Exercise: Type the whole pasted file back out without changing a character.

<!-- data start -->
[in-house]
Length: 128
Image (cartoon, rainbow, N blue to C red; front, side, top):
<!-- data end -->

[in-house]
Length: 128
Image (cartoon, rainbow, N blue to C red; front, side, top):